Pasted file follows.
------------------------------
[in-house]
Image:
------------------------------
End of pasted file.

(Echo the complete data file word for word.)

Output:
[in-house]
Image: